When considering how to improve dealing with changes to your database when releasing software, one simple distinction can help clear up a lot of confusion. There are two broad categories of things that change in a database. There are tables that contain data for your application. Unlike application code, these can’t be dropped and recreated each time you release. At least not in the majority of useful software.
There’s another category of components within a database that can be treated much more like application code. These are the “code” components of your database. They don’t hold data. They simply transform and interact with data stored in tables. Things like views, stored procedures and functions. These can be dropped and recreated every time you release changes to your database.
That’s not to say that you will want to do this, but it is an option that works well in many situations. Just like your application code, you can simply replace these with the latest versions. There are often issues around ordering of how these are replaced, but otherwise are quite similar to application code.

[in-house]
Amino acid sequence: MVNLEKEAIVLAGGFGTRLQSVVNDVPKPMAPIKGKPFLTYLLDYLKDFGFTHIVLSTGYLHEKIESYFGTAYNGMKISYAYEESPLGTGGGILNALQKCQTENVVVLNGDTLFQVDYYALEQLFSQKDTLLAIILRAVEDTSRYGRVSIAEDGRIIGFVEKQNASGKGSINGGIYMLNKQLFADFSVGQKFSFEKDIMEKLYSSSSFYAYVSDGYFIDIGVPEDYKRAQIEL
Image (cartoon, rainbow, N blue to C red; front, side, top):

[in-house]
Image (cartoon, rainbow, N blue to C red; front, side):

No matter what you do to improve delivering database changes, if you keep this distinction in mind, you might find new opportunities. Or new ways of looking at things. And you’ll probably avoid some confusion in the myriad of strategies available to you. Different strategies often revolve around how to deal with database “code” versus database tables/data.